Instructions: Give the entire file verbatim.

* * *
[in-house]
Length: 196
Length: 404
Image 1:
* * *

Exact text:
[in-house]
Length: 196
Length: 404
Image 1: